On August 23rd, I remember standing there, staring at the clock with vacant eyes. 10:53 switched quickly to 10:54 and then it seemed to drag on, seconds feeling like minutes and minutes like hours. I anticipated this day, the day of escape as the best day of my life. I had spent the past weeks in the gym, getting buff so I would be prepared to survive in the woods for days, until I could once again safely enter back into society. I remember pacing the length of my cell, exactly 8 feet across and 9.25 feet wide. A smaller version of Hell on Earth.
The guard, Bradley strode past my cell, his walk was full of confidence.
“How’s my favorite little failure to the world doing today?” he sneered. I had dreamed of wiping that snotty little smirk off his face for days. He whipped his nightstick out of his holster and bashes it into my hands that had clung to the bars of my cell as if it were the edge of a lifeboat and I, a man stranded at sea.
“Get ready for bed, lights out is in an hour!” he yelled from the other side of the door. By that point in time the groans of displeasure from the other prisoners were growing quite loud; they were playing their daily game of p**s-off. The whole purpose of the game was to make the guard who was on-duty as mad as possible in the hopes that he would do something so radical that, if reported could cause him to lose his job. In that month alone there had been two guards who had lost their jobs.
“C’mon Mr. High and Mighty. Make us go to bed. Oh wait you’re too big of a wuss-bag!” I remember Jack Cannon, convicted of arson and grand-theft, screech from four or five cells to my left. He, of course did not use such “nice” language, but my momma taught me not to use those words in normal conversation.
I didn’t know why I was put in that prison, I really couldn't remember. Nobody really explained anything to me; the last thing I remember before I got to the prison was sitting in a hospital bed, wearing handcuffs. There was a guard sitting next to me and he told me that he would “take me down” if I tried to escape. I was told by one of the police stationed outside my door that I was a criminal now and would be moved to a more secure location in a few days, after I had made a full recovery.
“Why? What did I do wrong?”
He looked me in the eyes and said,
“Well you fought the law, and the law won,” he said in a sing song voice and then he called for the doctor who told me that because of the accident that I had lost my memory and that it might come back in a few days or I may lose it for good. In the end, I lost it for good but at that time I didn’t question anyone any further, just took my punishment because my father told me when I was young that things only get worse if you always fought back.
After a few days they transferred me to the prison, I was moved to the place where they kept infamous serial killers and wanna-be terrorists. I knew that if I wasn’t careful, I’d be totally screwed. I manned up and acted like I owned the place all the time. I wasn’t going to show fear, and neither was anybody else in this place. We all acted like nothing could hurt us until the night of my planned escape, a year after I first arrived, and that’s when everything seemed to go wrong. The familiar buzzing of the announcement system begins and Mr. Crowley, the big man who runs the prison, begins to speak, he said,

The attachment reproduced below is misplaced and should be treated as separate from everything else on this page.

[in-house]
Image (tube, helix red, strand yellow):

“Everyone stay where you are. Prepare for level two lock-down.”
The entire building erupted into a panic. A level two lock-down was very rare at such a heavily guarded place. There were barely any security problems so when there were, even the slightest one, everybody would have had a mental breakdown. I heard the worried voices of the guards at either end of the hallway.
“Bradley? Bradley Martin? He’s dead? You have got to be kidding me,” one said. Another mentioned,
“Freddie said that he saw someone wandering around on the premises and then he just kind of disappeared. Nobody’s seen him since his shift started four hours ago except for Greg who he reported the sighting to.”
That was when I started to get nervous. My hands began shaking; one of the best guards (no matter how much I hated him he was indeed the best) was dead and his second in command was missing. What the hell was going on? I spoke from inside my cell, trying to gauge all the other detainees’ emotions.
“Hey! Hey guys! Are you going to do anything about this? Shouldn’t we be protected if there is even the possibility of a threat?”
My words only fueled the fire. Unrecognizable voices shouted out, furious at the guards for keeping us in the dark. A new voice spoke from the announcement systems,
“You wish to be in the dark? I will give you darkness.” And all the lights slowly dimmed and then shut off completely.
Screams. Yells of fright and terror. They filled my ears until they felt as though they were bleeding.
“Who are you?”
“Please stop! You don't have to do this!”
I heard people begging for mercy or for death in some cases. Nobody could see or hear all that well, but when the cells opened there seemed to be a quick moment of silence before the next kill.
By the end of the night there was a large pile of bodies in the middle of the hallway, blood streaked along the walls and splattered on the floor. Police soon arrived on the scene and found no evidence of the monster who had terrorized the prison. I ran from the place with only a few cuts and scrapes and the memory of the voice of the announcer as he whispered in my ear.
“You may live today, but by tomorrow for death you shall pray,”
That was last night. So, if I lived through today I suppose the man lied. I don’t think he was lying, but I'm not going down without a fight. Bring it on...